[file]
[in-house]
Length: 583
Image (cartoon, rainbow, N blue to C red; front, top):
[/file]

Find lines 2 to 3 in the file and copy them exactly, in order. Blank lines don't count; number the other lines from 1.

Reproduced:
Length: 583
Image (cartoon, rainbow, N blue to C red; front, top):